A preliminary comparison of two different polyacrylamide hydrogel fabrication methods demonstrate differences in stiffness measurements and adhesion abilities of osteosarcoma cells

Main Article Content

Anita K. Luu Rachel E. Macdonald Richard Parg John R. Dutcher Alicia M. Viloria-Petit

Abstract

The purpose of this research was to compare two different polyacrylamide hydrogel fabrication


methods described in the literature and assess their use in mechanotransduction studies in osteosarcoma. Both methods employ succinimide chemistry to functionalize the hydrogel surface for cell response studies, one in the form of NHS, while the other in the form of Sulfo-SANPAH.


Six hydrogels of two different stiffness were created for each method and were evaluated on their receptiveness to cell seeding and Young’s moduli with atomic force microscopy. Both hydrogel fabrication methods lack reproducibility as significant differences were observed in stiffness measurements between six hydrogels at both 0.5 kPa and 50 kPa stiffnesses. Despite the Sulfo- SANPAH method of preparation being more receptive to cell seeding and generating the expected effects on known mechanotransducers, it appeared to have larger variabilities in stiffness measurements for both 0.5 kPa and 50 kPa prepared hydrogels. Researchers may employ the Sulfo-SANPAH method to study the impact of ECM of varying stiffness on osteosarcoma cell mechanotransduction, but should remain cautious when interpreting results as a function of the expected stiffness. Studies should be accompanied by measurements of Young's modulus whenever possible.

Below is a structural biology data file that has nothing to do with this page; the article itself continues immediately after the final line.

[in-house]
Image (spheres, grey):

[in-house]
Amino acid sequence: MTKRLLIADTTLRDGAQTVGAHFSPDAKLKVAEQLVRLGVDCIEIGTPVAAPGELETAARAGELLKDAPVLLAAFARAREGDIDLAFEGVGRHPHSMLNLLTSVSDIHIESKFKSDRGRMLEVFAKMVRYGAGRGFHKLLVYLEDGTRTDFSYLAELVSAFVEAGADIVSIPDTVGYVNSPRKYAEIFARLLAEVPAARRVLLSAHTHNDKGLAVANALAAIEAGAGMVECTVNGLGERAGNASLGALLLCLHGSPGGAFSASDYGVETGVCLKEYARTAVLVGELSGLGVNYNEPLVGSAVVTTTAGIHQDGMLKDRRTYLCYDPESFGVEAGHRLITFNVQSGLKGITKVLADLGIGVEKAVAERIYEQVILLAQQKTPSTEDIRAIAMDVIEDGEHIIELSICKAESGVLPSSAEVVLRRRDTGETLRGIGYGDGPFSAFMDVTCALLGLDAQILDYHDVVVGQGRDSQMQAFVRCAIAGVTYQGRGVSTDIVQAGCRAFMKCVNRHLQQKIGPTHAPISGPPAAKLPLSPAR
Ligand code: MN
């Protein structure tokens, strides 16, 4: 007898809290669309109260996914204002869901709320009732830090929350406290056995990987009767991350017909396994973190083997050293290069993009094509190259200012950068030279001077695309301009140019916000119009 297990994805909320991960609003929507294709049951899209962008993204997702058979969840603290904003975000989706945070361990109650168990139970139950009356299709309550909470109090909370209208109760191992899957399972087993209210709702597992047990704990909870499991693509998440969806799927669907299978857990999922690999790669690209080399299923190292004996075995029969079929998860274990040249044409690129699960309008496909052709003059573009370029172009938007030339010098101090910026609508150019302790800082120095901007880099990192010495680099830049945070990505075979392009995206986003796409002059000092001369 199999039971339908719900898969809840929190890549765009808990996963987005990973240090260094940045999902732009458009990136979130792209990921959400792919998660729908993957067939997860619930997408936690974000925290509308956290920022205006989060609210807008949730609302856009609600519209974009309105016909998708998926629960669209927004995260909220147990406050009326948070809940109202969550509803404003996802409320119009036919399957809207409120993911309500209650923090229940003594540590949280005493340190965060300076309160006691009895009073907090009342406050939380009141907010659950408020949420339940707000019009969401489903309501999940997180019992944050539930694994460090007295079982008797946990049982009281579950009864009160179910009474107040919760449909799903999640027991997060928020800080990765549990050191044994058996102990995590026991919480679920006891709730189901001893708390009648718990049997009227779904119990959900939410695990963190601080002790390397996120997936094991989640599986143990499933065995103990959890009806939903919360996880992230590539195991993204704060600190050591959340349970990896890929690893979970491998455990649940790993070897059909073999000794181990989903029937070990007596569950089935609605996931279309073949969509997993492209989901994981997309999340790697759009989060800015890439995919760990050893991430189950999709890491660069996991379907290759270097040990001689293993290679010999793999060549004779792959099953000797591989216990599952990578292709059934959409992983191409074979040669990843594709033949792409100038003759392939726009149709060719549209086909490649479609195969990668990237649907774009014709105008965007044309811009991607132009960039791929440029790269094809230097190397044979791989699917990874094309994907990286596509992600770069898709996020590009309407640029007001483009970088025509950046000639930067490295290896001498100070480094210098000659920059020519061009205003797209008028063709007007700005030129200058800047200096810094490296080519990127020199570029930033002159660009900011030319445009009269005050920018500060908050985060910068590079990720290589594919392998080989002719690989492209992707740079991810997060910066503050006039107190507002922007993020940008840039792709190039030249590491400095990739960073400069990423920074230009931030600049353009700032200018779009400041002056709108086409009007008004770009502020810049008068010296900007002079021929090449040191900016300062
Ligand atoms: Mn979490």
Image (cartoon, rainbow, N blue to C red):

Article Details

How to Cite
LUU, Anita K. et al. A preliminary comparison of two different polyacrylamide hydrogel fabrication methods demonstrate differences in stiffness measurements and adhesion abilities of osteosarcoma cells. Medical Research Archives, [S.l.], v. 10, n. 3, mar. 2022. ISSN 2375-1924. Available at: <https://esmed.org/MRA/mra/article/view/2692>. Date accessed: 28 nov. 2022. doi: https://doi.org/10.18103/mra.v10i3.2692.
Section
Research Articles

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